The thigmomorphogenetic responses relating to clonal growth that have been identified are an increased number of stolons and allocation to clonal growth (Puijalon and Bornette, 2006; Liu et al., 2007), reduced stolon lengths (Doyle, 2001), altered spacer lengths [increased, Jensen and Bell (2001); reduced, Puijalon and Bornette (2006)] and tussock shape (Asaeda et al., 2005). Mechanical stress linked to current exposure could lead to alignment of creeping stems with the flow direction (Asaeda et al., 2005; Kotschy and Rogers, 2008). However, given the scarcity of data available, it is still impossible to identify general patterns on the thigmomorphogenesis for clonal growth. Consequently, the primary aim of the present study was to investigate the clonal plasticity induced by mechanical stress consisting of continuous current encountered by aquatic plants. As far as is known, only Liu et al. (2007) measured the plastic responses to mechanical stress among genetically identical ramets, whereas all other studies did not test explicitly if the morphological responses were due to phenotypic plasticity. In the present study, the clonal plasticity induced by mechanical stress was investigated by using genetically identical ramets.

It is hypothesized that mechanical stress from current velocity should induce variations of clonal traits that lead to escape from stressful conditions. This hypothesis was tested on two aquatic plant species with contrasting clonal growth forms. Such plants are an interesting model for such work because they are characterized by high levels of clonality and plasticity (Grace, 1993; van Groenendael et al., 1997; Santamaria, 2002). For each species, an experiment consisting in the transplantation of ramets of the same clone in two contrasting flow velocity conditions was carried out, and clonal traits were measured. Selected traits were: (a) relative allocation to clonal growth, (b) relative allocation to creeping stems in the clonal biomass, (c) number and (d) total length of creeping stems, (e) spacer length and (f) main creeping stem direction. Under running conditions, a reduced number of creeping stems, together with an increased length of creeping stems and of spacers, was expected. Also expected was an increased allocation to clonal growth and to spacers that promote escape from stressful conditions (Slade and Hutchings, 1987; de Kroon and Hutchings, 1995; Cain et al., 1996; Ikegami et al., 2007). As flow velocity is reduced in the downstream direction due to partial sheltering by the upstream ramets (Sand-Jensen and Mebus, 1996; Sand-Jensen and Pedersen, 1999), an increased proportion of creeping stems in a downstream direction under the stressful conditions was also expected.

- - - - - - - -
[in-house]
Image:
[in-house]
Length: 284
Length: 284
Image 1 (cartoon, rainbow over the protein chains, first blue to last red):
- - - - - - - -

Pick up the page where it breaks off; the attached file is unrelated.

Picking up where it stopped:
MATERIALS AND METHODS

Species

The study was carried out on two aquatic plant species having contrasting clonal growth forms, Mentha aquatica L. (Lamiaceae) and Potamogeton coloratus Hornem. (Potamogetonaceae). Mentha aquatica has running stems with erect ends, completely or partly submerged, whereas P. coloratus produces stolons with regularly distributed ramets, growing totally submerged (Fig. 1). Both species are able to colonize both standing and running waters (Haslam, 1987), suggesting they are able to develop significant plastic responses to current. Throughout the study, creeping stems are referred to as stolons for P. coloratus and running stems for M. aquatica.

Fig. 1.
Representation of the ramet morphology and clonal growth forms of Mentha aquatica (Lamiaceae) and Potamogeton coloratus (Potamogetonaceae), and clonal traits measured. The ramets and the creeping stems are represented in grey and black, respectively. ...

Plant sampling

Submerged plants were collected from standing conditions in a groundwater-fed channel of the Ain River (France, 05°15′37″E; 45°57′57″N). Twenty-one widely spaced clones consisting of two young interconnected ramets were collected for each species. For M. aquatica, an individual ramet was defined as an anchored erect shoot. One ramet of each clone was assigned to a ‘standing’ treatment and the other one to a ‘running’ treatment. The clones were selected so that the size of the two ramets of the clone was as similar as possible. The fresh mass of the ramets was measured and did not differ significantly for the two sets of plants for both species (P = 0·29 and P = 0·61 for M. aquatica and P. coloratus, respectively; mixed models ANOVA; see Statistical analysis for details regarding the method).